I work in aviation. I was told today that one of the systems of the aircraft had drawn more power than the generator could provide and that had caused it to fail, to get too hot. I don't understand how this could happen. How can a load draw more power than a source can provide? That doesn't make sense to me.
Assuming circuits are good and the MCB protecting the generator works I could suggest a short between the generator and MCB or failure of the windings insulation causing an internal short, both subject to failure due to age, vibration, or manufacturing fault..
It should have said safely provide.
But also, there's often a confusion between drawing power and drawing current.
For example, you can get the maximum power out of any voltage source if your load has exactly the resistance of the internal resistance of that source.
You can of course also plug in a much, much lower (practically, a "short") resistance load. The power flowing into that load will then be lower than the maximum power of the source, but the current will be much higher than what's flowing at the max power point (at the expense of the voltage dropping very significantly).
As an example, take an AA battery. (THOUGHT experiment. Don't do this at home, kids.) Let's say that has an internal resistance of 0.2 Ω. Now, when you take a 0.2 Ω resistor (which would probably be something like a piece of thin steel wire), that resistor would get very hot – the maximum amount of power the battery can supply gets converted to heat.
Next, really short the battery with a thick piece of copper and very good contacts (that's where you usually get into trouble - 0.2Ω isn't all that much, and making a contact way better than that is hard) and short-circuit your battery. What will now get hot?
Right, the battery, and not so much the copper wire. The power converted to heat in the copper wire isn't very high, and most of the power is "wasted" across the internal resistance of the battery.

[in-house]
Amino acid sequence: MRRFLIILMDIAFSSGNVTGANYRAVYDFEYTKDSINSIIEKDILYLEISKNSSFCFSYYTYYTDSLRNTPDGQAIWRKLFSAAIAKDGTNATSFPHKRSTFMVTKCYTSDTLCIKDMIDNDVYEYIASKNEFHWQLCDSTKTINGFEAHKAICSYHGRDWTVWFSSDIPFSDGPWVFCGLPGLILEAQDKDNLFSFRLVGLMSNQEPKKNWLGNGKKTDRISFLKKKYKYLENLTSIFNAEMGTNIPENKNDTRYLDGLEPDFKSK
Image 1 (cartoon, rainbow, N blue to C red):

I'd recommend not shorting batteries, by the way. It's dangerous. They can get extremely hot, depending on the type catch fire, or even explode.
The aircraft generator should be protected by a series of fuses and/or circuit breakers to constrain both the maximum current in each sub-circuit and the maximum total current.
Think of the wiring in your home- there is a main breaker and a bunch of breakers in a panel to protect each circuit. For example, there might be a 300A fuse protecting a main 28V bus, and a series of 30-100A aircraft-rated magnetic/thermal breakers protecting various sub-circuits. As well as protecting the generator itself, it is necessary to protect the wiring in the aircraft so that a fire cannot easily occur as a result of a simple overload.
If the (very expensive) generator failed due to overload then there may be an engineering issue with the electrical system. Those in charge of maintenance will probably want a DAR (Designated Airworthiness Representative) or other qualified person to have a look at it.
The way it could happen is simple- imagine you have a 15A home circuit and you plug two 12A kettles into it. The 15A breaker should blow protecting the wiring, but if it is faulty (or deliberately bypassed) the wiring could overheat. In your case, both the wiring and the generator itself could overheat. This could be dangerous and will probably be expensive.
The reason you get confused, is that the statement is incomplete. "...the aircraft had drawn more power than the generator could provide (without overheating) and caused it to fail."
The statement in parenthesis is what is missing. The reason it is missing, is that it is commonly understood that the given power rating is for continuous use, without overheating the generator.
However, the generator is capable of delivering more power (at the cost of overheating) for a short period of time (the time it takes to burn the generator's winding).
You should now be able to see that a generator can provide more power (called max power), even if it is just for a short time, than the "normally quoted" power (called continuous power).